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How Do I Choose the Best Embroidery Blanks?

By S. McNesby
Updated: Feb 24, 2024

Embroidery blanks are plain fabric pieces designed to be accented with machine or hand embroidery. Pillowcases, T-shirts, tote bags, baseball caps, and hand towels are some of the most common embroidery blanks. The best blanks are made from good-quality, durable fabric and have an embroidery panel or area that is easy to reach. Different projects will require different types of embroidery blanks, and the best blank for one project may not be ideal for another.

Before adding embroidery or embellishment onto a blank piece, the item should be checked to be sure it is in good condition and free of stains or tears. The blank piece should be tried on or measured to be sure that it fits the end user, if it is designed to be a clothing piece. White is the most popular color for embroidery blanks, though they can come in different shades and seasonal prints as well. Craft, quilting, and sewing stores all stock embroidery blanks for individual crafters; blanks can be purchased in bulk from wholesalers as well.

Using an embroidery blank allows the crafter to create a personalized item in a minimal amount of time. Most embroidery blanks are pre-assembled and ready to use, so the instant the embroidery is complete, the item can be worn or pressed into service. There is no additional assembly or other finish work required. The best blanks require the least amount of special preparation or finishing work. Matching the right blank with the right design is the key to a successful embroidery project.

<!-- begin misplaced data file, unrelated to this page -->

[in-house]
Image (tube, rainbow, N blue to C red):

For hand embroidery, the best embroidery blanks have a smooth, level surface that is easy to stitch through. Pieces that are very flimsy or slippery may not be the best choice for hand embroidery. For redwork or blackwork, clean, bright white embroidery blanks will show off the stitchwork and pattern best. Stretch knits may not be the best choices for hand embroidery; they could stretch the design completely out of shape.

For machine embroidery, textiles with sturdy, quality fabric accept embroidery well. More delicate fabric blanks can be used if a stabilizer is applied prior to embroidery. Plush chenille, flannel, and cotton knits all work well for machine embroidered designs. Blanks designed for machine embroidery can come in any color, shape, or size; the best way to evaluate a particular model is to embroider on a sample before working on an actual project.

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Discussion Comments
By Ocelot60 — On Nov 14, 2014

@spotiche5- As long as they have smooth surfaces, I think that thin blankets will work fine for embroidery work. However, you also want to make sure that the blankets are made of quality material. If they are too thin and flimsy, they may be easily ripped or torn.

Since you plan to personalize them, I'm sure your family members will want to keep the blankets for a long time. This is why you may want to choose blankets that aren't too thin or cheap for this special gift-giving project.

By Spotiche5 — On Nov 13, 2014

Are thin blankets good for embroidery work? I want to buy blankets and have them personalized for family members as gifts, but I'm not sure what type to buy.

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